The U.S. Securities and Exchange Commission is poised to name a former executive of Wall Street’s self-regulator as its top overseer of exchanges, brokerages and clearing firms, according to three people familiar with the matter.
SEC Chairman Mary Jo White has selected Stephen Luparello as the new director of the Trading and Markets Division, said the people, who asked to not be named because the decision hasn’t been announced. Luparello, now a partner in the Washington office of law firm WilmerHale, previously served as vice chairman of the Financial Industry Regulatory Authority, where he worked for more than 16 years.
Luparello would be responsible for developing White’s plans for reviewing regulation of stock exchanges and competitors such as dark pools, as well as drafting new regulations to control risks posed by automated trading systems. He’d also take over responsibility for finishing derivatives rules mandated by the 2010 Dodd-Frank Act for the portion of that market overseen by the SEC.
“He’s very experienced and very knowledgeable in the area of market structure,” said Christopher Nagy, president of KOR Trading LLC, a lobbying and consulting firm. “He essentially did this role within Finra, so it makes perfect sense because he’s really going to be able to hit the ground running.”
It has taken White 10 months to fill the trading and markets post, one of the agency’s senior staff positions. She set out to hire someone with experience working for an exchange or broker-dealer, according to a fourth person with knowledge of the process. Candidates including Christopher R. Concannon of Virtu Financial LLC, a high-frequency trading firm and market maker on IntercontinentalExchange Group Inc.’s New York Stock Exchange, declined to pursue the job.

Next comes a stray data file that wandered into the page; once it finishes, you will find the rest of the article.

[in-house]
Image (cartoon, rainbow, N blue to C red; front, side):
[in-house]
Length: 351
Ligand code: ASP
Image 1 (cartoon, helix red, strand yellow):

Luparello, 55, didn’t immediately respond to messages seeking comment. SEC spokesman John Nester declined to comment.
While working at Finra, Luparello oversaw all of its examination, enforcement and market regulationprograms. He became Finra’s head of market oversight in 1999 when he was hired by by Mary Schapiro, who later became SEC chairman. Finra was known then as NASD Regulation and oversaw trading on the Nasdaq Stock Market.
“Finra tends to collaborate much more with broker-dealers than the SEC does, and through that he’s gained a very significant understanding of the market,” Nagy said in a phone interview.
Finra further consolidated its oversight of U.S. equity markets when Luparello was its vice chairman, adding surveillance of NYSE Euronext’s U.S. exchanges in 2010. The organization also expanded its Order Audit Trail System, which maintains a life history of orders, quotes and trades, while Luparello was there.
Finra’s OATS is considered to be a model for the Consolidated Audit Trail approved by the SEC to reconstruct market events such as the May 2010 flash crash, which briefly erased $862 billion from U.S. share values.
The SEC announced several other hires yesterday, including a new Investor Advocate, a position required under the 2010 Dodd-Frank Law. The agency said it selected Rick A. Fleming, deputy general counsel of the North American Securities Administrators Association, for the role.
Paul A. Leder will serve as director of the SEC’s Office of International Affairs and David Frederickson will become chief counsel of the Corporation Finance Division, the SEC said in news releases.
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